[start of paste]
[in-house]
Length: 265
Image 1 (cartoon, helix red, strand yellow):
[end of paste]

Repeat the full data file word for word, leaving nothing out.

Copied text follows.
[in-house]
Length: 265
Image 1 (cartoon, helix red, strand yellow):